Taleni Africa, Etosha Village - Huge thanks to Karl Heinz Oosthuizen and Christelle du Toit – Oosthuizen 

Namibia Bird and Animal list and *Lifer’s

Namib Desert
*Tractrac chat
Greater Flamingo
*Pied avocet
*Little stint
Black winged stilt
*White fronted plover


Southern pale chanting goshawk 
Crowned lapwing
Black shouldered kite
Fish Eagle
Green wood hoopoe 
Black bellied bustard
Southern yellow billed Hornbill
Glossy starling
Steppe Buzzard
Lilac breasted roller
Double banded sandgrouse 
Black backed jackal
Kori bustard
Greater Kestrel 
*Northern Black Korhaan
*Burchells Courser
Blacksmith lapwing
Spotted thick knee
Yellow mongoose
ELEPHANTS - Capital letters on purpose, there were SO MANY elephants
Lions, females and Cubs
*Namaqua dove
Lappet faced vulture
Red Haartebeest 
White bellied sunbird
*Crimson breasted shrike
White browed scrubrobin 
Ant eating chat pair
Marico flycatcher 
Nile monitor lizards mating
Capped Wheatear
*Double banded courser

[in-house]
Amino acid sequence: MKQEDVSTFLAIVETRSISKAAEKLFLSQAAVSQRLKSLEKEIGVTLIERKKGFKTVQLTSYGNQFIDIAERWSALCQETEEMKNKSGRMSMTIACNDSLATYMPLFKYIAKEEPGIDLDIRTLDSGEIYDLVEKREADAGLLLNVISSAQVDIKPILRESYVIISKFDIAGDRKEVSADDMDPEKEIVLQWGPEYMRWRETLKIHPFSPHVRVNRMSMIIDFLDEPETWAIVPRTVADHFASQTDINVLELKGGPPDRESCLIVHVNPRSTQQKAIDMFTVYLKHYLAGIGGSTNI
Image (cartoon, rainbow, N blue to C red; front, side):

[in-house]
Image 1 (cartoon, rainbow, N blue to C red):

Plain backed pipit
Greybacked sparrow lark
Brown snake eagle
Black rhino
*Violet-eared waxbill
Lanner falcon With kill
Tree squirrel
Crimson breasted Shrike playing with squirrel
White backed vulture
*Purple roller
Red eyed bulbul
Chin spot batis 

White crested helmet shrike

*Bare-cheeked babbler

Lilac breasted roller
*Southern white crowned shrike
Groundscraper Thrush
African Hoopoe pair
Verreaux’s Eagle pair
Scarlet chested sunbird
Burchell’s Starling
Blue waxbill
Violet eared waxbill male and female
Small dark pink body unidentifiable 
Acacia pied barbet
White backed mouse bird
*Swallow tailed Bee-eater
Golden tailed woodpecker 
Purple Roller
Red billed hornbill
African hornbill 
*Ruppell’s Parrot 
*Pale winged starling